The sandstone plateaus of China's Zhangjiajie Forest Park are said to have inspired the sci-fi film Avatar. The Wulingyuan forest with its dreamlike thousand-metre-tall pillars and swirling mists make lead to the illusion of floating islands and impossible karst formations.
The formations have been inspiring artists and painters for hundreds of years – however more contemporary architects have been moved by the mountains to create giant tourism attractions and experiences.
The bravest of tourists can be whisked up 300metres of cliff face in 88 seconds flat in the Bailong 'Hundred Dragons' lift. Or, get the impression of walking on air on the nearby Glass Bridge, which was opened in 2016.
The controversial and colossal lifts were halted in construction many times. Since beginning work on the lifts in 1999 the structures were criticized by UNESCO for what allowing "creeping urbanisation" into the heritage site.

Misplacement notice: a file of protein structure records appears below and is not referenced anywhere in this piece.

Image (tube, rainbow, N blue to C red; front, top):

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Having fought an uphill battle over the impact on the natural surroundings, the elevators were again stopped for 10 months in 2002 over "safety concerns" from the Ministry of Construction, according to national news agencies.
However through persistence the three double-decker elevator carriages were allowed to return to operation. Persistence paid off, and the area was reclassified as a world heritage site in 2002. in 2015 it was officially recognised in the Guinness Book Of World Records – over a decade after local operators had begun claiming the title of World's Tallest Outdoor Elevator.
Guinness lists the total daily capacity at "18,000" visitors. However, it has since been shut again, more recently by the pandemic.
The area has been closed since China's national travel restrictions came into force during the emergence of the Novel Coronavirus. The public have still been able to access the top of the Karst formation called the "Soldiers Gathering" but it is a gruelling three hour ascent.
Since reopening, the 8000 average daily visitors is slightly down since the pre-pandemic peak. However they are all happy to pay the 129 yuan ($27) each to spare the hike.